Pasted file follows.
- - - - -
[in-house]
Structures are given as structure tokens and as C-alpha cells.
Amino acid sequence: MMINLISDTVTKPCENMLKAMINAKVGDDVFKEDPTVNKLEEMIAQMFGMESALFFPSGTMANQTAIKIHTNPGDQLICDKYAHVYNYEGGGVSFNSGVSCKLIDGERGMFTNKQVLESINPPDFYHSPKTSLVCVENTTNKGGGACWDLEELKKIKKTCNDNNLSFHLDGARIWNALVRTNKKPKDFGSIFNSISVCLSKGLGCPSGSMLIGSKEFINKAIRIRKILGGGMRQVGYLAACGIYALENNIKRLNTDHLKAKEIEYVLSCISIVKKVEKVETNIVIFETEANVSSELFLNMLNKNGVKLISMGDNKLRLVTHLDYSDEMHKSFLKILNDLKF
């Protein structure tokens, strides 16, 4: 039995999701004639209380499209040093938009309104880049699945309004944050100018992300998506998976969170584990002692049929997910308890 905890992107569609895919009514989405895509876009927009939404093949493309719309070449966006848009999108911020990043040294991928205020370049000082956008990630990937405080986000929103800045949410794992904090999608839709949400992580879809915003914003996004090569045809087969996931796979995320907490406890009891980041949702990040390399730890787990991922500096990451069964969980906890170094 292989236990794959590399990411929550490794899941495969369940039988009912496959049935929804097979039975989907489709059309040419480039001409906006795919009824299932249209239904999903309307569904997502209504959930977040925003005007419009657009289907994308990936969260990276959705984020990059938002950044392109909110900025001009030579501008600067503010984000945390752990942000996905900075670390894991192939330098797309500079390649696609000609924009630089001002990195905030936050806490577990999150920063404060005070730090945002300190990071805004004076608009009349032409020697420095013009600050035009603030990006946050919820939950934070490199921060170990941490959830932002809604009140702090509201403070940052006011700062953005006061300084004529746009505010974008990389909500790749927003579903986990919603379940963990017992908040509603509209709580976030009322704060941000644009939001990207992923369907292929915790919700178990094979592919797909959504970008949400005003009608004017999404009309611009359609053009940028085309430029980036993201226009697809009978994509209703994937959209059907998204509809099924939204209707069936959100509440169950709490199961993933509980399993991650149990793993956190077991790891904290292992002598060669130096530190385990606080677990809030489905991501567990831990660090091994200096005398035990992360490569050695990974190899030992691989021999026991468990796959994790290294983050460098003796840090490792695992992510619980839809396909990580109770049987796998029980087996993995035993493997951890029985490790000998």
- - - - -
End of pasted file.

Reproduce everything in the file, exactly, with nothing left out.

[in-house]
Structures are given as structure tokens and as C-alpha cells.
Amino acid sequence: MMINLISDTVTKPCENMLKAMINAKVGDDVFKEDPTVNKLEEMIAQMFGMESALFFPSGTMANQTAIKIHTNPGDQLICDKYAHVYNYEGGGVSFNSGVSCKLIDGERGMFTNKQVLESINPPDFYHSPKTSLVCVENTTNKGGGACWDLEELKKIKKTCNDNNLSFHLDGARIWNALVRTNKKPKDFGSIFNSISVCLSKGLGCPSGSMLIGSKEFINKAIRIRKILGGGMRQVGYLAACGIYALENNIKRLNTDHLKAKEIEYVLSCISIVKKVEKVETNIVIFETEANVSSELFLNMLNKNGVKLISMGDNKLRLVTHLDYSDEMHKSFLKILNDLKF
């Protein structure tokens, strides 16, 4: 039995999701004639209380499209040093938009309104880049699945309004944050100018992300998506998976969170584990002692049929997910308890 905890992107569609895919009514989405895509876009927009939404093949493309719309070449966006848009999108911020990043040294991928205020370049000082956008990630990937405080986000929103800045949410794992904090999608839709949400992580879809915003914003996004090569045809087969996931796979995320907490406890009891980041949702990040390399730890787990991922500096990451069964969980906890170094 292989236990794959590399990411929550490794899941495969369940039988009912496959049935929804097979039975989907489709059309040419480039001409906006795919009824299932249209239904999903309307569904997502209504959930977040925003005007419009657009289907994308990936969260990276959705984020990059938002950044392109909110900025001009030579501008600067503010984000945390752990942000996905900075670390894991192939330098797309500079390649696609000609924009630089001002990195905030936050806490577990999150920063404060005070730090945002300190990071805004004076608009009349032409020697420095013009600050035009603030990006946050919820939950934070490199921060170990941490959830932002809604009140702090509201403070940052006011700062953005006061300084004529746009505010974008990389909500790749927003579903986990919603379940963990017992908040509603509209709580976030009322704060941000644009939001990207992923369907292929915790919700178990094979592919797909959504970008949400005003009608004017999404009309611009359609053009940028085309430029980036993201226009697809009978994509209703994937959209059907998204509809099924939204209707069936959100509440169950709490199961993933509980399993991650149990793993956190077991790891904290292992002598060669130096530190385990606080677990809030489905991501567990831990660090091994200096005398035990992360490569050695990974190899030992691989021999026991468990796959994790290294983050460098003796840090490792695992992510619980839809396909990580109770049987796998029980087996993995035993493997951890029985490790000998």